Yet, how can I tell her story without introducing all of this? How can I tell her story without you knowing about Indonesian neighbors and neighborhoods. About funerals in the home. About neighbors that come by the dozen and sit all evening in your front yard and bring trucks with chairs and awnings and have a small pavilion set up at your house within hours.

But I suppose that above all else, in order to know and understand the events of May 7 you have to know the little girl, Anna. You have to know of the passion with which she lived her life. You have to know the brilliance, to feel the palpable joy and exuberance of her smile. You have to know the depth of her sorrow and compassion as she prayed for relatives and other loved ones who were sick or who were lost without knowledge of her Lord. You have to watch her as she struggles through teaching herself to play a Mozart sonatina on the piano, or sing “The Silver Swan”, or recite a Shakespeare soliloquy.

You have to know what it is like to enter her bedroom and see the books . . . always the books. And see the Bible written on her walls in large laminated sheets. With the most helpful parts near her pillow where she can see them at night when she gets scared. Where she has drawers and drawers full of her treasures. Little scraps of cloth, pieces of string, dead and dessciated bug shells, dried flowers, rocks, cheap jewelry. Each item with a memory, many only Anna would ever know.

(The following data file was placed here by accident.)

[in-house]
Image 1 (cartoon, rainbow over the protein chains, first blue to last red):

And you would have to know her Lord, about whom she would say as she lay on her bed, “I just love him so much.” And to whom she would sing love songs, quietly and without her earthly father knowing about it because she knew I didn’t like those songs. (I weep now thinking about how I told her not to sing “I walk in the garden alone . . .” Where did I ever hear, who told me that that song reflected an inappropriate attitude towrads Jesus? Who spoiled that song for me, and made it so that my daughter had to sing it in private?). You would have to know how much she wanted to see Jesus. To be with him. To be done with this world.

[continued in May 7, part 1]